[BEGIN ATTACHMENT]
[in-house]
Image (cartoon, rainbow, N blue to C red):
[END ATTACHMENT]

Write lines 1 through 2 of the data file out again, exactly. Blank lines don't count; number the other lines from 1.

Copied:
[in-house]
Image (cartoon, rainbow, N blue to C red):